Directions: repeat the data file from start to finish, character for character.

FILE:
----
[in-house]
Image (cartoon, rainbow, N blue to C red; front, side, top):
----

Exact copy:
[in-house]
Image (cartoon, rainbow, N blue to C red; front, side, top):